Speaking up for what you believe in and standing up for yourself aren’t always easy. Especially when telling your truth can have negative impacts on your relationships, the choice to be honest or stay silent can be a difficult one to make. When this truth is about one’s sexuality, research has shown that many young people struggle to open up to people around them. The Human Rights Campaign – an LGBT advocacy group – has published statistics showing that a great number of young people who identify as LGBT do not believe that their communities are accepting of their identities. In addition to this, many feel more comfortable being themselves online than in real life. However, some figures might suggest that things are getting better. British LGBT rights charity Stonewall surveyed 1,500 people and found that people are now coming out at a younger age. When people over the age of 60 were asked when they came out, the average age was 37. In contrast, respondents under the age of 30 had an average coming out age of 21 while those aged 18 to 24 had an average coming out age of 17. These brave young people have pushed past the fear of being rejected and been true to themselves anyway, which makes them pretty inspiring. One such inspiration came in form of a young girl from Utah who not only mustered the courage to come out as an incredibly young age, but did so in a very public way.
Savannah is a 12 year old girl who gave a powerful speech in which she came out to her local church. As a Mormon, this was a difficult feat to achieve as the church does not fully embrace LGBT issues. In particular, being gay is acknowledged and accepted but the religion maintains that gay adherents must not act on their feelings as the same-sex identity is seen as distinct from sexual acts. The former is accepted while the latter is still seen as a sin. For Savannah, these reservations were not enough to stop her from sharing her story.
Her mother Heather told Huffington Post that Savannah had wanted to share her story in front of the church since January 2017. She had come out in June of the previous year, having noticed that she “felt alone in her thoughts, that the other girls all had crushes on boys, but she didn’t, she liked the girls”. This lonely feeling inspired Savannah’s desire to speak up in church as she wanted other closeted members to know that they were not alone. Sadly, she was cut off by a church official during her speech and was asked her to sit down, which prevented her from finishing her statement. Before she was interrupted, here is some of what Savannah had to say.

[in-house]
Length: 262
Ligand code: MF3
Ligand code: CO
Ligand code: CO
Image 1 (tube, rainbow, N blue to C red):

“God loves me just this way, because I believe that he loves all his creations… I do believe he made me this way on purpose. No part of me is a mistake. I do not choose to be this way, and it is not a fad. I cannot make someone else gay and being around me won’t make anyone else this way. I believe that God wants us to treat each other with kindness, even if people are different.”
Heather has commented on her daughter’s bravery, calling Savannah “brave and courageous”. She has also called on the church to listen to kids like Savannah and understand that they “deserve life long love” and “‘tough love’ won’t take the gay away”. Savannah herself has expressed mixed feelings, describing herself as feeling “sad and happy”.“I was sad because I wanted to finish it, and I felt like what I was saying should’ve been heard by everybody else. I was happy because I could finally get out to everyone, and show that gays aren’t weirdos.”
Though Savannah couldn’t finish her speech in church, she shared her notes with the “I Like To Look For Rainbows!” podcast – a platform for queer Mormons. In an interview granted to the podcast, she explains that she has received a lot of support but also seen many haters but remains glad that she has spoken up about her feelings. You can read Savannah’s brave speech below.
What a brave little girl Savannah is! Many never muster the courage to speak their truth; not only has she done this but she did so in a spectacular public fashion in a particularly conservative environment. Her desire to not only be honest, but to help others through sharing her story, makes Savannah an amazing role model for us all.